The Stanford community lost a beautiful soul a few weeks ago. It is always difficult to capture the essence of someone so wonderful individually, and indeed, I think it takes the whole community to share every piece of them. I’ve seen a lot of death, including suicide, which is a trauma that affects that community as well as the individual. What hurts the most is knowing that someone was in that much pain. It seems, and in many ways is, a preventable trajedy that causes many people to feel tremendous guilt. I often wish that we had a way to celebrate life while it is in the process of living. I know this pain, and yes, anger and deep sadness. I know that it is frustrating and often scary. At the same time that we must celebrate and face the pain of a beautiful and tremendous life, we must also face and care for ourselves.
Helen, I wish we could have captured and protected your spirit. I’m so sorry.
There is always the possibility to be cold and clinical and indeed in distress that is the direction to which I usually run. We’ve all been both rewarded out in the open and punished in secret for that piece of our nature. We don’t run there because we lack humanity, but because we are terrified of our own humanity. So we hide. We pretend to be ok when we are not ok. We begin to make worlds for ourselves where we are profoundly and deeply alone even when others are fighting like hell to surround us with love. It is easy to talk about statistics and individuals in isolation, we are, as a society, deeply attached to the lie that we are all only individuals. This makes it painful for a very specific group of people in this world and that is who I’d like to speak to today. To the kind, sweet, sensitive people who see and feel too much. To those who hurt when others hurt. To those that fight for the humanity in others even as they fight for their own.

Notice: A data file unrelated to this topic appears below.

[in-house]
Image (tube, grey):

It is easy to build a society that rewards the cold, clinical machines, and as a culture, perhaps especially as Stanford alumni and students, we strive for it, don’t we? Are we not always fine? Always happy? Always scared in pain to tell our truth? We are terrified that people will find out we are human. We watch as people take away the humanity of others and for many of us, this is pain that becomes more and more difficult to bear because it runs contrary to our nature. We know this in our hearts. I know this, because when I talk about my pain, when I voice my anger at the fact that some people put others in suffering for personal gain, there is always a shy whisper of agreement, and often it has come from the people like Helen and the community that surrounds her.
What does that have to do with Helen? On a deep level, perhaps even a bigger piece of myself than I’d like to admit, I understand how much suffering she must have been to make the choice she made. I understand, and probably many of you understand too. I’ve been forced as a sensitive, and kind, and caring and intelligent person to bury my feelings to survive in a society that sees what makes us truly wonderful as weakness. But we are not weak. Civilization, the whole of human history is not a story of individuals working in isolation. Every great thing we’ve ever done on this earth happened because a community came together. Humans need each other and that is why isolation can be so painful for us.
So I wanted to instead to speak to you. I wanted to tell you that you are beautiful. That what makes you beautiful, your ability to love, is not a weakness. That you are not alone. You are never alone.